Third, the year-end peak season is significantly muted. Over the 61 years of Stokes sales data, the highest sales month each year brought in a median of 5.2 times more revenue than the lowest sales month. Over the 31 years of Census sales data, the highest sales month each year brought in a median of only 2.3 times more revenue than the lowest. In other words, the peak season now has only half the amplitude it once did. There is certainly one trend at work here: consumers are devoting less money to books as gifts than they did half a century earlier. The crest of the wave is less high. It is possible that a second trend – consumers spending more money on books during the rest of the year thus raising the trough of the wave – may also be at work, though it is hard to say with certainty from this data alone.
Together, these three changes – the rise of a second non-gift peak, the moderation of peak volumes in general, and the fact that this moderation in volume occurred even as peaks actually consolidated in duration – suggest that the primacy of the gift market for books may finally be giving way. This would be a seismic shift in the history of the book industry, albeit one in the making for several decades.
Or is it? Comparing the retail sales seasonality of book stores to that of other sectors can provide further context for the scale of these changes. Figure 2 compares three other sectors from the same Census data source: toy, game, and hobby stores, sporting goods stores, and hardware stores.4
Of the four, the toy, game, and hobby sector comes closest to being a gift market, with December sales that tower a median of 3.4 times higher than each year’s slowest month. This difference is much higher than that of the contemporary book sector (at 2.3), but it is still well below that sector’s historical 5.2 difference. The gift season may be less pronounced in all individual sectors in the early 2000s versus the early 1900s – due to a wider selection of gift commodities, more year-long discretionary spending, or other causes. Alternatively, in light of these broader economic changes, it may be more appropriate to use a lower multiplier than 5.2 when considering whether a sector is or is not a gift market.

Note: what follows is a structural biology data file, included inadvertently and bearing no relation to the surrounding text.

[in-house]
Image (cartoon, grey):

Hardware stores have predictable seasonality, with a late-spring peak in May. The Father’s Day gift season is surely a factor here, but that is not until a month later. Hardware’s seasonality is also tied to greater use of its products during summer, and furthermore its highest-revenue month is only a median of 1.5 times higher than the lowest-revenue month. This suggests that its seasonality, while boosted by a gift function, is not a gift market.
Books, like hardware, are used more at certain times of year than others; it just so happens that one of those times, winter, coincides with the year-end gift market. As such, at least part of book store’s 2.3-times higher peak-month revenues should be attributed to the same phenomenon as hardware stores. So while toy sales suggest that the gift market effect is simply less pronounced now than a century ago, book sales still fall short of that threshold.